More than seven decades since the atomic bomb was dropped on Hiroshima people are still attempting to cope with its legacy and health consequences, the Japanese ambassador to Ireland said at a commemoration event on Saturday.
Mari Miyoshi was the main speaker at an anniversary event in Dublin's Merrion Square, which has been held every year since 1980 and is seen as an exemplar of Ireland's staunch opposition to nuclear weapons.
"Seventy one years ago in Hiroshima city a single bomb took more than 140,000 lives. Three days later a second atomic bomb was also dropped on Nagasaki city and 80,000 lives were lost," Ms Miyoshi told the modest gathering by the park's memorial cherry tree.
“In both cities innocent people’s lives were lost instantly and indiscriminately.
“Even now, 71 years later, a lot of people are still struggling with illnesses and some are dying because of those effects.”
The ambassador said Japan had continued to promote global nuclear disarmament through the UN and called for greater transparency on decreasing stock piles held by nuclear powers.
She said she hoped more world leaders would visit Hiroshima following Barack Obama in May, the first sitting US president to do so.
“I firmly believe that with the efforts of the international community and the good will of people like you who have gathered here today we will one day finally achieve our aim of eliminating all nuclear weapons in the world.”
On August 6th, 1945 the US dropped the atomic bomb “Little Boy” on Hiroshima in a bid to bring a decisive conclusion to the Second World War. This was followed on August 9th by the “Fat Man” plutonium bomb dropped on Nagasaki.
Saturday's anniversary event was organised by the Irish Campaign for Nuclear Disarmament (CND), whose president the Rev Canon Patrick Comerford excoriated those willing to deploy nuclear weapons in future conflicts.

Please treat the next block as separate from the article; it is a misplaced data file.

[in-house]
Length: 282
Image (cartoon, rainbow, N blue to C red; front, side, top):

While honing in specifically on the perceived threat carried by US presidential nominee Donald Trump, Mr Comerford criticised British prime Theresa May following her recent support for the renewal of Trident, the UK's nuclear deterrent.
He quoted former US president Ronald Reagan who said "A nuclear war can never be won and must never be fought. Our dream is to see the day when nuclear weapons will be banished from the face of the earth."
Cllr Mary Freehill from Dublin City Council said Ireland has a "proud history" of promoting nuclear disarmament and was the first to propose an international treaty on nuclear weapons at the UN in 1958, ratified 10 years later.
“Today it is a reminder that we must never, ever give up on our commitment to disarmament,” she said.
The ceremony was followed by a minute’s silence and included music and a reading from the poet Hugh McFadden.
In Japan, the mayor of Hiroshima also urged world leaders to emulate Mr Obama and visit the city.
A peace bell tolled at 8.15am local time, the exact moment the US warplane dropped the bomb. About 50,000 participants, including aging survivors and dignitaries, held a moment of silence at a memorial ceremony in the western Japanese city.